But to the conspiracy. As you World War II buffs know, by January of 1945 the Germans were almost pushed back to the Rhine River. Not quite, however. There was a pocket around Colmar still held by the Germans. The Battle of the Bulge was over, but there was real concern about this small area in the Alsace region. The French and the Americans mounted an offensive. At the end of the day, it is estimated 8,000 Americans lost their lives at the Colmar Pocket. And twice that many French. As for the Germans, they still don’t know how many died. A lot. It was an unbelievable cost for a battle that has disappeared in history.
But again, back to the conspiracy. Just after Colmar was taken by the Americans and French, the Americans arrived with a truck that contained two safes. In those safes was special super-secret cryptography equipment used only for the highest level of communications among the Allies. And, even more amazing, in those safes were the Allied plans for the spring invasion of Germany. Yup, the entire plans drawn up by Eisenhower and his buddies. All sitting in a truck in Colmar, France. Parked on a side street. And since it was nighttime, everyone was tucked into bed. Sound asleep.
Well, not quite everyone.
That night the truck disappeared.
So what happened? Did the Germans sneak back into town (they were four miles out), find the side street, hot-wire the truck and scoot back out of town? Did Hitler order a cunning infiltration? Was the truck really stolen by the Russians in preparation for the Cuban Missile Crisis in 1962? Or was it aliens? You can pay your money and make your choice, but, clearly, this was a conspiracy of the highest order.
Of course, I’d never heard of the “Colmar Incident.” I suspect you hadn’t either. In researching Colmar, I came across a secret report, written years earlier, released by the National Security Agency in 2008. It told of the loss of the truck and how it was a potential disaster for the invasion of Germany. It catalogued the unlimited resources thrown at the pending catastrophe. Even Eisenhower was personally involved, according to the NSA document.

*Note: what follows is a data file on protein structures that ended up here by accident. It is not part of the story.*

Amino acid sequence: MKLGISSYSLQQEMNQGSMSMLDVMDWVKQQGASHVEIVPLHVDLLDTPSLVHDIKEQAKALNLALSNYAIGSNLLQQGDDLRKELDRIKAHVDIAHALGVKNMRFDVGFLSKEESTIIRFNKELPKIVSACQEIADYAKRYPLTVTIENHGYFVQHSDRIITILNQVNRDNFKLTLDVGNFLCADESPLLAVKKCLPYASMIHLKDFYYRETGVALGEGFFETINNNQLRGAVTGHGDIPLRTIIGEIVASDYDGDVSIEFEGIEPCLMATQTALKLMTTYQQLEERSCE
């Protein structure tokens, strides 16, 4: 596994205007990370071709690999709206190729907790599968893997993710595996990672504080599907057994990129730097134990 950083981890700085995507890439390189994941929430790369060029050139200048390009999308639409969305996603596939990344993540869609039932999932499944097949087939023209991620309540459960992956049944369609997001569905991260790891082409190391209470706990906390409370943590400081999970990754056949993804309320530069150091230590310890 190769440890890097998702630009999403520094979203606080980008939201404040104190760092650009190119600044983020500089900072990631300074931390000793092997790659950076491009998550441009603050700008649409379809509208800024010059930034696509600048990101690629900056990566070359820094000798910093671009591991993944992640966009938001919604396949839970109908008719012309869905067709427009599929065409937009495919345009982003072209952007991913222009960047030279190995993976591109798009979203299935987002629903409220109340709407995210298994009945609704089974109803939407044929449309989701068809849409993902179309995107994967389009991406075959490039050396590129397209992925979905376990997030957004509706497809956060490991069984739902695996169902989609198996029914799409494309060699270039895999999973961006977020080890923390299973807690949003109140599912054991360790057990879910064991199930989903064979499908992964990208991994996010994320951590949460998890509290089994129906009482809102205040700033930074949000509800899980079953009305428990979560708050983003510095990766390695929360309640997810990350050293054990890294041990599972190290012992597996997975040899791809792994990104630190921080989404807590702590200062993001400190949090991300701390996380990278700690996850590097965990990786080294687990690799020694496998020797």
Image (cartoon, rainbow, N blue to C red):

After an intense hunt for several days, the truth did come to light about the stolen truck — and it wasn’t Hitler, it wasn’t the Russians and it wasn’t aliens. A French farmer was the culprit. Fortunately, all the top-secret information and equipment was found untouched. Germany could be invaded in the spring. World War II was soon to be history. This was the end of the Colmar Incident.
Oh, and one more tidbit, according to the NSA report, the French farmer did not steal the truck to sell the information to the highest bidder for world domination. Nope, that darn French farmer took the truck because he had some furniture to move. Yup, furniture. So, being a practical farmer, he swiped the truck, threw the safes in the river, and moved his furniture. Period.
A typical conspiracy. CV
Joe Weeg spent 31 years bumping around this town as a prosecutor for the Polk County Attorney’s Office. Now retired, his wife is assisting in the prosecution of war criminals in the Netherlands for several months. He’s along for the ride and writes about being an Iowan in Europe on his blog at www.joesneighborhood.com.